Interfacing Lifecycle Imply Constant Change

Published: Feb 22, 2022

Family Enterprise Advisors (FEAs) are taught the important principle that “interfacing lifecycles imply constant change”.    That’s because there are a lot of interfacing aspects affecting the continuity of every family enterprise.

Simply stated, by being equipped to anticipate and welcome constant change as a part of the family enterprise lifecycle, families will be better able to build the governance systems needed to prosper through all of the stages that lie ahead.

Not every business owner will want to invest the time or money to work through all of these complexities over the changing interfacing lifecycles. And that’s perfectly all right, because it’s not for everyone.  And for those who don’t want to, the family business can be liquidated along the path, or converted to a Family Investment Office or Family Office.

Everything has a lifecycle.  Think about it, 50 years ago, they said technology doubled every 30 years.  We know it’s much faster today…so let’s face it, things change, and really quickly! Not only do products change, but so, too, do individuals and entire industries change. 

In the FEA course, we are taught there are in fact 5 distinct interfacing axes that will affect a family business over time, being 1) Family, 2) Organization (i.e. the business), 3) Individual, 4) Industry, and 5) Ownership. Manfred F.R. Kets De Vries, developed a very interesting chart to reflect the lifecycle over the many changing interfaces of a family business.

Source: Kets de Vries et al, Family business on the couch. A psychological perspective. (Chichester: John Wiley & Sons, 2007).

Along the Family axis, members start off young, and then age, go through parenting, grand parenting and retirement.  Along this path, too, change can arise as new members are born, marry or divorce, and ultimately pass away.

The Organization axis has a natural lifecycle, consisting of start-up, growth, and either decline or regeneration.   Ichak Adizes, one of the leading experts on corporate lifecycles, identifies 10 stages: courtship, infancy, go-go, adolescence, prime, the fall, aristocracy, recrimination, bureaucracy, and death.  His teachings are a good reference for any family wishing to plan ahead.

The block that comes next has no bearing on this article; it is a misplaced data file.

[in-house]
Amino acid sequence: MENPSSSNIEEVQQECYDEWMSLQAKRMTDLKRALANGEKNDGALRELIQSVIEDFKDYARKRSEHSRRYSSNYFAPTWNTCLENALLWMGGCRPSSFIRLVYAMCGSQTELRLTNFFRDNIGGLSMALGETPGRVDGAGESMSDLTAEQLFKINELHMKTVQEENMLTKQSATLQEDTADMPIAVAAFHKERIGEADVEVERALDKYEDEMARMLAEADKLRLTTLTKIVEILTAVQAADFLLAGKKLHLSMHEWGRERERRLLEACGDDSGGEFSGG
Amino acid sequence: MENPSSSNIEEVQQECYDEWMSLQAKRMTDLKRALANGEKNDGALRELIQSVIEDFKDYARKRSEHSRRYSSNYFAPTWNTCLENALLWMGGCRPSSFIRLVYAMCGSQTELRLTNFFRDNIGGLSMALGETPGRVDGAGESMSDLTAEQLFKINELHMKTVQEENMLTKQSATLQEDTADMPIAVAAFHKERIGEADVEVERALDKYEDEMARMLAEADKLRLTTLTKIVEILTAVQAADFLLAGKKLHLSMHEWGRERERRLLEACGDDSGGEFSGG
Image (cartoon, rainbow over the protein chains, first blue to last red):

The Individual axis moves along the maturity continuum, from youngster to adolescent, to mid-life and finally the mature adult, and is also affected by health and mortality. 

The Industry lifecycle axis has stages progressing from 1) start-up, to 2) growth, to 3) maturity, and then to either 4) decline (and death) or 5) expansion and further growth.  Think of Blockbuster, Tower records, and Kodak to name a few of the industry player who faced an industry decline.  

The Ownership lifecycle axis moves from the simpler stage of single owner or family partners, to sibling partners, to cousin consortium and ultimately to a family syndicate with wider ownership and more challenging ownership decisions.

One must congratulate those family enterprises that have successfully navigated all of the lifecycle changes on the 5 axes over the lifecycle continuity spectrum. 

With good advice from experts in family enterprise planning like FEAs, and a multi-disciplinary team of skilled experts to lend a hand, good governance systems can be built to deal with the changes that are inevitable. FEAs are able to help enterprise families anticipate the lifecycle changes, and understand the governance tools needed in all 3 Circles, to make the needed decisions by the family, for the family.

It’s not easy to have a family enterprise survive over many generations, but then again, if it were easy, everyone would be a Henry Ford.  So, congratulations to Henry and his family successors, who enabled the everyman to own a car, and helped propel the world of robotic automation. 

Congratulations! Continue as a Family Enterprise

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